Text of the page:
Bill Gates gets away twice a year for his now-famous "think weeks," during which he ponders the future and toys with "wrecking the company" by revisiting even the most fundamental assumptions behind Microsoft's success. The closest the rest of us get to a think week are a few precious days in summer spent outdoors -- stargazing, fishing or even mowing the lawn.disappearing distinctions among work, education and family life (56 percent);
Gates goes into think weeks with a stack of white papers. We could do worse than to mull over the findings of a provocative report immodestly called, The Future of the Internet. The report, from the Pew Internet & American Life Project and Elon University, gauges the thinking of 1,300 technology leaders, scholars and industry officials on the societal consequences of the Internet, now and 10 years out.
The prescreened experts are big fans of the network and "in awe" of the staggeringly smart search technologies and blogs that have helped tame and interpret the terabytes of data running over the backbone. Looking forward, 76 percent of respondents believe the Internet will significantly change news organizations in the next 10 years, while 60 percent think the same for workplaces.
The majority affirmed predictions about:
increased student choice through asynchronous learning (57 percent);
the replacement of TV with digital, networked infotainment devices in the home (53 percent);
the availability of large volumes of independently produced music, art and literature on the Internet (54 percent);
and the ability of users to copy those works easily, freely and anonymously (50 percent).
Much of the survey explores elements of civic life and government's role in it, particularly where security, privacy and transparency are concerned. While "they bemoan institutions that have been slow to change," the experts see inevitable transformations in the decade ahead. Sixty-four percent anticipate significant Internet-driven change for education, 57 percent for health care and 52 percent for government. A razor thin majority (52 percent) thinks 90 percent of American households will have access to dramatically faster high-speed networks within a decade.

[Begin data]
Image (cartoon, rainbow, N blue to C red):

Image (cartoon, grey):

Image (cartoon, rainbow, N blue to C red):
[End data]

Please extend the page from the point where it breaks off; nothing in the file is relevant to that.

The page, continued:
Sizable majorities see the Internet occupying a perilous position. Two-thirds agree with the prediction that "at least one" attack will devastate critical network infrastructures in the next 10 years. Forty-eight percent expect groups of political and religious zealots and those advocating violence to flourish and solidify in the decade ahead. Given those assumptions, it follows that a firm majority (59 percent) anticipates growing surveillance by both government and business through embedded computing and ubiquitous networks.
Not surprisingly, security concerns still sharply limit optimism about online voting -- only 33 percent think half of all votes will be cast that way in 10 years. That said, a hopeful minority (42 percent) agrees with predictions that the Internet will "substantially increase civic engagement in the next 10 years," and 39 percent thinks the Internet will expand people's social networks and build trust among those who had previously been strangers.
With the help of experts, the Pew Internet & American Life Project and Elon University have confirmed what we already knew -- the Internet changes everything, just not always in ways we expected. Importantly the experts were deliberately provocative in their predictions about breaking government in the name of fixing it: "Government will be forced to become increasingly transparent, accessible over the Net and almost impenetrable if you're not on the Net."
The experts also remind us that the public still wants back in -- this time on their terms. "Hyperlinks subvert hierarchy. The Net will wear away institutions that have forgotten how to sound human and how to engage in conversation."